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How enforcement shapes compliance with legal rules: the case of long-term care homes in Ontario

Published online by Cambridge University Press:  02 April 2024

Poland Lai*
School of Administrative Studies, York University, Toronto, Canada
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This paper contributes to the legal and socio-legal literature on long-term care (LTC) facilities (also known as nursing homes) by drawing from the responsive regulation literature and empirical research conducted in 2021 and 2022. Enforcement is an under-explored aspect in the legal and socio-legal literature on LTC. This research asks how the regulator’s enforcement activities shape compliance of LTC homes in Ontario. This paper reports the results from eleven semi-structured key informant interviews with associations that represent LTC facilities, advocacy organizations, unions, and professionals, such as lawyers. The current enforcement activities do not appear to evoke responsiveness in at least some of the LTC homes because the regulator’s approach is not dynamic: the regulator does not change its mix of “persuasion” and “coercion” in order to respond to the motivations and behaviours of homes. Inspection and enforcement activities have had little impact on how homes respond to rules.



Cet article contribue à la littérature juridique et sociojuridique sur les centres de soins de longue durée (SLD), aussi appelés « maisons des aînés ». Pour ce faire, cet article examine les écrits relatifs à la réglementation réactive (responsive regulation) et se fonde sur des recherches empiriques menées en 2021 et 2022 afin de montrer que l’application de la réglementation est un aspect sous-exploré dans la littérature juridique et sociojuridique sur les centres de SLD. Par une telle approche, cette étude cherche à examiner comment les activités d’application de la loi de l’organisme de réglementation peuvent façonner la conformité des centres de SLD en Ontario. Cet article présente les résultats de onze entretiens semi-structurés avec des informateurs clés tels que des associations qui représentent les centres de SLD, des organismes de défense des droits, des syndicats, des avocats, etc. Les activités d’application actuelles ne semblent pas susciter de réactivité dans la plupart des centres de SLD puisque l’approche du régulateur n’est pas dynamique : il n’y a pas de changement dans les pratiques de « persuasion » et de « coercition » afin de répondre aux motivations et aux comportements des centres. Les activités d’inspection et de mise en application n’ont donc que peu d’impacts sur la façon dont les centres répondent aux règles.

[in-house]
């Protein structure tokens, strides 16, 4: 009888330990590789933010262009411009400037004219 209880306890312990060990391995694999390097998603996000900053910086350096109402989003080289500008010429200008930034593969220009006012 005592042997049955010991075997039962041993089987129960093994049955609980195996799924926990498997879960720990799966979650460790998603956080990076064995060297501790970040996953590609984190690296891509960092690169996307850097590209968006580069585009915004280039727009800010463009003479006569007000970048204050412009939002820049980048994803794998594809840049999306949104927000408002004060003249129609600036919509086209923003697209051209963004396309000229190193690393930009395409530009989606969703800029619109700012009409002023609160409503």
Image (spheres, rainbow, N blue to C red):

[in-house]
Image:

Research Article/Article de Recherche
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This is an Open Access article, distributed under the terms of the Creative Commons Attribution licence (, which permits unrestricted re-use, distribution and reproduction, provided the original article is properly cited.
© The Author(s), 2024. Published by Cambridge University Press on behalf of Canadian Law and Society Association / Association Canadienne Droit et Société


There is continuing interest in how to reform the funding and regulation of long-term care (LTC) (nursing homes) given the harms suffered by LTC residents around the world during the COVID-19 pandemic. This article reports on a project which found that the enforcement of regulatory requirements has been ineffective in changing the behaviours of LTC homes in Ontario. In Ontario, LTC is commonly understood as institutional or facility-based care that is regulated and (at least in part) funded by the provincial government. Residents require access to twenty-four-hour nursing and personal care, and assistance with most of or all daily activities such as eating, bathing, and dressing (Auditor General of Ontario 2021). In contrast, other facilities such as retirement homes (which are not publicly funded) are for individuals who are more independent than those in LTC homes, and medical and personal care is limited (Estabrooks et al. Reference Estabrooks, Ewa, Keefe and Sharon2023).

This article contributes to the legal and socio-legal literature on LTC by exploring the role of enforcement in identifying and preventing harmful practices or deficiencies in care. The legal and socio-legal literature sheds light on harmful practices in LTC, such as involuntary confinement or segregation (Steele et al. Reference Steele, Swaffer, Carr, Phillipson and Fleming2020) and abuse (Harding Reference Harding, Cowan and Mumford2021), as well as broader structural issues that exacerbate these problems, such as funding (Harding Reference Harding, Cowan and Mumford2021) and institutional risk management culture (Steele et al. Reference Steele, Swaffer, Carr, Phillipson and Fleming2020). Regulation, sometimes in the form of top-down command and control, is used to prevent or control harmful practices. However, despite detailed legal rules (e.g., see Daly Reference Daly2015), scandals and tragedies continue to occur in LTC around the world.

A gap in the legal and socio-legal literature on LTC is that it rarely addresses two important questions: 1) What is it that LTC homes should be asked to comply with? and 2) What kinds of strategies are used to enforce compliance? The importance of enforcement cannot be underestimated (Meenan, Rees, and Doron Reference Meenan, Rees, Doron, Meenan, Rees and Doron2016). As Kohn (Reference Kohn2021) explained, under-enforcement of federal regulations contributed to the shocking death rates in US nursing homes during the COVID-19 pandemic. In the Canadian context, Flood, Thomas, and White (Reference Flood, Thomas and White2021) identified direct regulation by provincial governments, particularly in relation to for-profit providers, as often too weak or under-enforced (30–31). While existing studies have identified weak or infrequent enforcement as one of the problems that contribute to poor care, few have looked at the logics of enforcement strategies on the one hand, and the motives and reactions of LTC homes to such strategies on the other. It is important to recognize the effectiveness of inspection as an integral part of enforcement because it is one tool that can be used to support government oversight of LTC homes.